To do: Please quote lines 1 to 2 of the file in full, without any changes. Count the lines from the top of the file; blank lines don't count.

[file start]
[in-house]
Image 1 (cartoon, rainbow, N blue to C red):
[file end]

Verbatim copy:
[in-house]
Image 1 (cartoon, rainbow, N blue to C red):